Mar 04, 2017 11:15am
Old English að “oath, judicial swearing, solemn appeal to deity in witness of truth or a promise,” from Proto-Germanic *aithaz (source also of Old Norse eiðr, Swedish ed, Old Saxon, Old Frisian eth, Middle Dutch eet, Dutch eed, German eid, Gothic aiþs “oath”), from PIE *oi-to- “an oath” (source also of Old Irish oeth “oath”). Common to Celtic and Germanic, possibly a loan-word from one to the other, but the history is obscure.
SALIC LAW (/ˈsælᵻk/ or /ˈseɪlᵻk/; Latin: Lex Salica), or Salian Law, was the ancient Salian Frankish civil law code compiled around AD 500 by the first Frankish King, Clovis. Recorded in Latin and in what Dutch linguists describe as one of the earliest known records of Old Dutch. it would remain the basis of Frankish law throughout the early Medieval period, influencing future European legal syste… See More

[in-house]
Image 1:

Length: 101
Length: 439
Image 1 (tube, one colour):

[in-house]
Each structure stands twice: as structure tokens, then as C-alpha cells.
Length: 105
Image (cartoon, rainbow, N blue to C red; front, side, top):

COMMON LAW (n.)
mid-14c., “the customary and unwritten laws of England as embodied in commentaries and old cases” (see common (adj.)), as opposed to statute law. Phrase common law marriage is attested from 1909.
late 14c., “give legal testimony, affirm the truth of, bear witness to;” of things, c. 1400, “serve as evidence of,” from Anglo-French testifier, from Latin testificari “bear witness, show, demonstrate,” also “call to witness,” from testis “a witness” (see testament) + root of facere “to make” (see factitious). Biblical sense of “openly profess one’s faith and devotion” is attested from 1520s. Related: Testified; testifying; testification.